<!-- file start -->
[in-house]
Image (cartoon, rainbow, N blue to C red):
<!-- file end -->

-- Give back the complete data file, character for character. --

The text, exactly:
[in-house]
Image (cartoon, rainbow, N blue to C red):